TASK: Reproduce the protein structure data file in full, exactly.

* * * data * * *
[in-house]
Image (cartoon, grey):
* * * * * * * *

[in-house]
Image (cartoon, grey):